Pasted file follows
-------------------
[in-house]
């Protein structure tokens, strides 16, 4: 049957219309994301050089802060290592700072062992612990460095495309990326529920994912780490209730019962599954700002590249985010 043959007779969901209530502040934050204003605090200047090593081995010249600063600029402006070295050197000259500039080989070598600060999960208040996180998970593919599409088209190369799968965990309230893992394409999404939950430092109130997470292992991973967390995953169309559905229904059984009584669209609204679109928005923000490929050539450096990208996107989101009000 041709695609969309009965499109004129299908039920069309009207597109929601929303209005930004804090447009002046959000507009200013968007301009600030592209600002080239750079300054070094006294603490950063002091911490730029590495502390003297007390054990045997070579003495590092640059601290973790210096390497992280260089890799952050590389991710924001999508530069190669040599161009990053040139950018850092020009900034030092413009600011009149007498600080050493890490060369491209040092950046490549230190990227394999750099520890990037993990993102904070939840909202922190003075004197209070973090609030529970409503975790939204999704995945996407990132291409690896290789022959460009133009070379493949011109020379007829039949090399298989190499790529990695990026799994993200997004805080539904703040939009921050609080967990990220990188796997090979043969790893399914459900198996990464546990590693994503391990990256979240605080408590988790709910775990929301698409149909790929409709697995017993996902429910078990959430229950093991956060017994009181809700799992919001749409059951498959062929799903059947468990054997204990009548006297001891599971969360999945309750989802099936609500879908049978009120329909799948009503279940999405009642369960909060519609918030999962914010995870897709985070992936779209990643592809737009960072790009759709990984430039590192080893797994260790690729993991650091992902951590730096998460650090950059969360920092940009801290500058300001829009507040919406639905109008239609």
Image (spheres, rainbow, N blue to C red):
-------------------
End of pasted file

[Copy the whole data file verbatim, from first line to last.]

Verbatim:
[in-house]
């Protein structure tokens, strides 16, 4: 049957219309994301050089802060290592700072062992612990460095495309990326529920994912780490209730019962599954700002590249985010 043959007779969901209530502040934050204003605090200047090593081995010249600063600029402006070295050197000259500039080989070598600060999960208040996180998970593919599409088209190369799968965990309230893992394409999404939950430092109130997470292992991973967390995953169309559905229904059984009584669209609204679109928005923000490929050539450096990208996107989101009000 041709695609969309009965499109004129299908039920069309009207597109929601929303209005930004804090447009002046959000507009200013968007301009600030592209600002080239750079300054070094006294603490950063002091911490730029590495502390003297007390054990045997070579003495590092640059601290973790210096390497992280260089890799952050590389991710924001999508530069190669040599161009990053040139950018850092020009900034030092413009600011009149007498600080050493890490060369491209040092950046490549230190990227394999750099520890990037993990993102904070939840909202922190003075004197209070973090609030529970409503975790939204999704995945996407990132291409690896290789022959460009133009070379493949011109020379007829039949090399298989190499790529990695990026799994993200997004805080539904703040939009921050609080967990990220990188796997090979043969790893399914459900198996990464546990590693994503391990990256979240605080408590988790709910775990929301698409149909790929409709697995017993996902429910078990959430229950093991956060017994009181809700799992919001749409059951498959062929799903059947468990054997204990009548006297001891599971969360999945309750989802099936609500879908049978009120329909799948009503279940999405009642369960909060519609918030999962914010995870897709985070992936779209990643592809737009960072790009759709990984430039590192080893797994260790690729993991650091992902951590730096998460650090950059969360920092940009801290500058300001829009507040919406639905109008239609």
Image (spheres, rainbow, N blue to C red):